Double gold for Sweden with Tove Alexandersson and Emil Svensk in today’s European Orienteering Championships (EOC) Sprint.
In the women’s class Alexandersson won ahead of two Swiss runners – Elena Roos and Simona Aebersold. In the men’s class Yannick Michiels (Belgium) took silver ahead of Gustav Bergman (Sweden) and Kasper Fosser (Norway) in shared bronze position.
The winner in the women’s class Tove Alexandersson needs no introduction, but the men’s winner Emil Svensk has been living in the shadows of the other Swedish stars the last years, even if he has been part of the best orienteers in the world since his 10th place at World Orienteering Championships (WOC) sprint back in 2016. He also finished 6th at WOC Sprint in 2018 and was very close to the medals with a 4th place at WOC Middle back in Norway in 2019. With three World Cup 3rd places, this was the Swedes first visit at the very top of the podium.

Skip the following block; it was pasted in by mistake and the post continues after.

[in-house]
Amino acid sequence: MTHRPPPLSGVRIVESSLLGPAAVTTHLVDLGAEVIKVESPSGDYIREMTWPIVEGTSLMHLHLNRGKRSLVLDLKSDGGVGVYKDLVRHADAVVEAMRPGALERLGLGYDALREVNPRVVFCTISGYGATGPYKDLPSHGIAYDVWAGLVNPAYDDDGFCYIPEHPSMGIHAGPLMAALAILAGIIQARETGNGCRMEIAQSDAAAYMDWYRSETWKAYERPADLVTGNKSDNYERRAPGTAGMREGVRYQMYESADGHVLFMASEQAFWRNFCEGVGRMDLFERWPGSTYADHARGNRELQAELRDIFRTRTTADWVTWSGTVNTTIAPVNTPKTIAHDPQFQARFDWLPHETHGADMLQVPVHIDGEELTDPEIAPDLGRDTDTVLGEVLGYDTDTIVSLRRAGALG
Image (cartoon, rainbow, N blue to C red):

For Yannick Michiels and Elena Roos this was also a very special day – after finishing in the Top 6 many times in EOC and World Orienteering Championships (WOC), they each finally got their individual medals today.
Follow these links to a SPAS-analysis of EOC Sprint Men and EOC Sprint Women. All starting competitors are asked to enter their chosen route in the analysis. Until competitors have entered their routes, you can only see split times along with possible route choices for each leg.
Race analysis women: Decisive long leg
As you can see from the split time visualization below, the race was practically decided at the long leg to control 6 (see SPAS leg 6 for split times and route alternatives) where Alexandersson and Roos took the best choice (running around to the left) whereas several of the other top runners ran the upper route which was significantly slower. Aebersold seemed to have the best speed, but the time loss on the long leg to control 6 was too much to catch up.
Race analysis men: Svensk with highest speed